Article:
Position Sensitivity

This is a sensitive position. Applicants must have, or be eligible for, a Top Secret security clearance at the time of appointment.


Required Qualifications 

To qualify for this position, applicants must possess ALL of the requirements below:

  1. A J.D. degree from an accredited law school, be duly licensed and authorized to practice as an attorney under the laws of any State, territory of the United States, or the District of Columbia, and be an active member of the bar in good standing. 
  2. Specific grade level requirements:
    1. GS-15:  At least six (6) years of post J.D. legal experience addressing privacy issues, for example, advising clients or an organization’s leadership and staff on privacy laws.
    2. GS-14:  At least four (4) years of post J.D. legal experience addressing privacy issues, for example, advising clients or an organization’s leadership and staff on privacy laws.
    3. GS-13:  At least two (2) years of post J.D. legal experience addressing privacy issues, for example, advising clients or an organization’s leadership and staff on privacy laws.

Applicants are responsible for citing J.D. and bar membership information (institution name, state(s) of admission and date(s)) on their resumes.

The successful applicant should also possess: 

  • exceptional writing and oral communication skills;
  • strong speaking and presentation skills;
  • working knowledge of privacy laws, regulations, and policies that apply to the U.S. Government or knowledge of U.S. privacy laws that apply to the private sector along with knowledge the European Union General Data Protection Regulation (GDPR) and related regulations, guidelines and policies, which contain many requirements similar to those applicable to the U.S. Government;
  • excellent interpersonal skills, and the demonstrated ability to lead a team and also collaborate with others to achieve a common goal;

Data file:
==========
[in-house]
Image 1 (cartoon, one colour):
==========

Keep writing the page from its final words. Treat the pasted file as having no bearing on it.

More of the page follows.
• creative problem-solving skills to resolve unusually complicated legal matters, often with little legal authority, with the goal of supporting a client’s mission while minimizing privacy-related risks; and
  • demonstrated ability to adapt, quickly shift priorities, and meet deadlines in a fast-paced environment.

Preferred Qualifications

Relevant certification in a privacy-related field, for example, the International Association of Privacy Professionals Certified Information Privacy Professional (CIPP) certification.

It is the policy of the Office of Privacy and Civil Liberties to request a three-year commitment for all attorney positions.

Application Process
  • Applicants must submit via mail, email, or fax:
    • Cover letter addressing the qualifications listed above;
    • Resume showing relevant experience, including the dates the experience was obtained;
    • Unofficial law school transcript (note: If you are selected for this position, official transcript(s) will be required prior to your first day);
    • Two writing samples of varying length: one demonstrating general writing skills (e.g., correspondence, published material, memorandum, talking points, policies, procedures, blog, or material written for the web); and one sample of formal legal analysis, demonstrating ability to analyze and expound on complicated, nuanced legal issues (e.g., a legal brief or formal opinion, or other similar memo); and
    • Copy of your most recent performance appraisal or rating, if applicable.